One important point to keep in mind: value of a currency is simply the price of that currency stated in terms of a different currency. For example, the value of a Euro is the number of Dollars it takes to purchase a Euro. And, equilibrium is determined by the intersection of supply and demand. In this case, the supply and demand of Euros.
Second question first.
There is not DIRECT relationship between the value of a currency and debt, deficit, and GNP. That is, changing the value of a currenty doesnt necessairly mean any of these variables will change. However, the value of a currency can be correlated with these economic variables. However, the direction of the correlation is not always clear, and my have different signs depending on the kinds of economic changes. For example, a people generally more willing to hold the currency of a high-GNP country. However, if that country is experiencing a large growth in nonimal GNP becasue of hyper-inflation, demand for that country's currency should shrink.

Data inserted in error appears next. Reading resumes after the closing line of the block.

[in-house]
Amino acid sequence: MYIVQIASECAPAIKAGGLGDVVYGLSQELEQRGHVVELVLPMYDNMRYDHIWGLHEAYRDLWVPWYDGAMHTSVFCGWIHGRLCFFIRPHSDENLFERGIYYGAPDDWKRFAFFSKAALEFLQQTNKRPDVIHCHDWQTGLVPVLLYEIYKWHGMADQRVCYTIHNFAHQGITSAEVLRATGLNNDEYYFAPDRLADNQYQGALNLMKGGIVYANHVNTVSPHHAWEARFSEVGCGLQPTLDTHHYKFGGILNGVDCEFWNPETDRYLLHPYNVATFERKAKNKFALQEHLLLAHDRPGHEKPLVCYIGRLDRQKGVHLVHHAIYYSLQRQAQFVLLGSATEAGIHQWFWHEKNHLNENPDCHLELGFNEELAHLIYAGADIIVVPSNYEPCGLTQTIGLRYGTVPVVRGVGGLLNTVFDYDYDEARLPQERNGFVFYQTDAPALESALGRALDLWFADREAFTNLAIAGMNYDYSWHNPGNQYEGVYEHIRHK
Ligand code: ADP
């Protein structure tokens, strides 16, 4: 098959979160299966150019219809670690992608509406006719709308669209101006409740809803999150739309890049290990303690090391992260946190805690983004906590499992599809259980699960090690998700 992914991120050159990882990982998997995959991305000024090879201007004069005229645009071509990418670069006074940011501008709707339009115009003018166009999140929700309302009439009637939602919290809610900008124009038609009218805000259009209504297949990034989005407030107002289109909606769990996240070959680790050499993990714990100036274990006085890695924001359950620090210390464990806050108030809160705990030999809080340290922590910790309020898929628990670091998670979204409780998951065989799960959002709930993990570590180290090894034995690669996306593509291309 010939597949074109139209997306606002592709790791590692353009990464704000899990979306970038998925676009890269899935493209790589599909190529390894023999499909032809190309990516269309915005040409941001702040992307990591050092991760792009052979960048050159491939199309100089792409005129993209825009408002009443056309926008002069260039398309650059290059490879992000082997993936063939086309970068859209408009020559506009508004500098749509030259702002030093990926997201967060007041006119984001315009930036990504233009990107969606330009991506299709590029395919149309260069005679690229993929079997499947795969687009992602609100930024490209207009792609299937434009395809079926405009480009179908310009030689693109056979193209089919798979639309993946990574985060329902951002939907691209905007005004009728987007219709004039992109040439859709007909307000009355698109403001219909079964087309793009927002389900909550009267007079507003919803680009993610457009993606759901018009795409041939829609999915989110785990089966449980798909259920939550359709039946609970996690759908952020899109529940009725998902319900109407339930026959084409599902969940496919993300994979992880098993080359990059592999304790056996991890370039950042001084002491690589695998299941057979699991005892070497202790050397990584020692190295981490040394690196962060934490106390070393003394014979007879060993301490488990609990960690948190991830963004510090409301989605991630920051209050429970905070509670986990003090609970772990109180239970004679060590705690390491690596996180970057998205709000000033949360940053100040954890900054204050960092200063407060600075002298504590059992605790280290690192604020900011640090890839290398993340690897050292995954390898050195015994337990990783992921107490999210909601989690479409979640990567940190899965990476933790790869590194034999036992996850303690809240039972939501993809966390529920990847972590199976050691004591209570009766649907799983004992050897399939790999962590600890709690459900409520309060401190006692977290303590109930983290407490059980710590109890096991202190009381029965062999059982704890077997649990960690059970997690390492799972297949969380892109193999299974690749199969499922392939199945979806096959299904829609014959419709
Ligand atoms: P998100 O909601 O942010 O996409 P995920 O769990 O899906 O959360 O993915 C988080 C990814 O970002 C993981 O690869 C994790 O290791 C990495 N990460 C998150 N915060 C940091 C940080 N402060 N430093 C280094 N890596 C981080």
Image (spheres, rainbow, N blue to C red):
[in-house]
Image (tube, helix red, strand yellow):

Qeustion 2: In general, a weak currency should help exports, which should improve an economy. However, a strong currency is associated with a stable, low-inflation economies, the preferred choice among investors. So, a strong currency could stimulate investment activities, which in turn, improves the economy.
Question 3. Most of the major countries have currency valuations that are determined in open markets. Smaller countries will often peg their currency to a major currency. For example, I believe Burmuda pegs their currency to the U.S. dollar. Finally, I can imagine that some countries peg thier currencies to the price of gold.
The use of technology such as telephones and computers means that money exchanges and other financial transactions can be ?